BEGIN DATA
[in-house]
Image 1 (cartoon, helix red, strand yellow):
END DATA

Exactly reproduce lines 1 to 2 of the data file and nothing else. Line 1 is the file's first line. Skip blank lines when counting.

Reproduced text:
[in-house]
Image 1 (cartoon, helix red, strand yellow):